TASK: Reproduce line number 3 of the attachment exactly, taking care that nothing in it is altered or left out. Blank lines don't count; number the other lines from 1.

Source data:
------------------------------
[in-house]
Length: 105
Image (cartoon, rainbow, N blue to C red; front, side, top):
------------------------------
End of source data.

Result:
Image (cartoon, rainbow, N blue to C red; front, side, top):